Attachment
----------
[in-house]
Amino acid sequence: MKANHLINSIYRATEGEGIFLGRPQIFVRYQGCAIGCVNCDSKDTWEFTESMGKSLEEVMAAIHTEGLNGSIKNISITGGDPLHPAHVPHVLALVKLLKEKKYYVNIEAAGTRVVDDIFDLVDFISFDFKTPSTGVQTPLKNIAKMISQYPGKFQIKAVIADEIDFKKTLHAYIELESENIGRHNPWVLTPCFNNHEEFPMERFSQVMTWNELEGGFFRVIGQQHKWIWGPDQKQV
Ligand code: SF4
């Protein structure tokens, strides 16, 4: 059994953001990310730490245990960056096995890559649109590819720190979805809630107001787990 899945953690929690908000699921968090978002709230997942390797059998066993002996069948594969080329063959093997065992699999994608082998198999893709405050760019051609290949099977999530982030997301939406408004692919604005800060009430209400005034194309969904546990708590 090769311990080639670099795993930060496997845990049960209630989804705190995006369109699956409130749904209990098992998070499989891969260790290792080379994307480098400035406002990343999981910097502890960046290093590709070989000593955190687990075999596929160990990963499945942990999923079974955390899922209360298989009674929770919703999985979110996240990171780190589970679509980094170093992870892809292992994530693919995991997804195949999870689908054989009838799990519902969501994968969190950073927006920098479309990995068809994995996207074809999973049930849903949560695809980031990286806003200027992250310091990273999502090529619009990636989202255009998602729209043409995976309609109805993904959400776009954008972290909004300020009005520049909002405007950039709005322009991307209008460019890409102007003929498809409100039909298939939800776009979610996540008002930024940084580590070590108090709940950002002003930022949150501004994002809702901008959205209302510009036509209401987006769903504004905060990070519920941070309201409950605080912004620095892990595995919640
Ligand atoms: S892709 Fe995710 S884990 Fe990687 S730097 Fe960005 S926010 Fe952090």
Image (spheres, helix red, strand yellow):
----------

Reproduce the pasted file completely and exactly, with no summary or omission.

[in-house]
Amino acid sequence: MKANHLINSIYRATEGEGIFLGRPQIFVRYQGCAIGCVNCDSKDTWEFTESMGKSLEEVMAAIHTEGLNGSIKNISITGGDPLHPAHVPHVLALVKLLKEKKYYVNIEAAGTRVVDDIFDLVDFISFDFKTPSTGVQTPLKNIAKMISQYPGKFQIKAVIADEIDFKKTLHAYIELESENIGRHNPWVLTPCFNNHEEFPMERFSQVMTWNELEGGFFRVIGQQHKWIWGPDQKQV
Ligand code: SF4
């Protein structure tokens, strides 16, 4: 059994953001990310730490245990960056096995890559649109590819720190979805809630107001787990 899945953690929690908000699921968090978002709230997942390797059998066993002996069948594969080329063959093997065992699999994608082998198999893709405050760019051609290949099977999530982030997301939406408004692919604005800060009430209400005034194309969904546990708590 090769311990080639670099795993930060496997845990049960209630989804705190995006369109699956409130749904209990098992998070499989891969260790290792080379994307480098400035406002990343999981910097502890960046290093590709070989000593955190687990075999596929160990990963499945942990999923079974955390899922209360298989009674929770919703999985979110996240990171780190589970679509980094170093992870892809292992994530693919995991997804195949999870689908054989009838799990519902969501994968969190950073927006920098479309990995068809994995996207074809999973049930849903949560695809980031990286806003200027992250310091990273999502090529619009990636989202255009998602729209043409995976309609109805993904959400776009954008972290909004300020009005520049909002405007950039709005322009991307209008460019890409102007003929498809409100039909298939939800776009979610996540008002930024940084580590070590108090709940950002002003930022949150501004994002809702901008959205209302510009036509209401987006769903504004905060990070519920941070309201409950605080912004620095892990595995919640
Ligand atoms: S892709 Fe995710 S884990 Fe990687 S730097 Fe960005 S926010 Fe952090």
Image (spheres, helix red, strand yellow):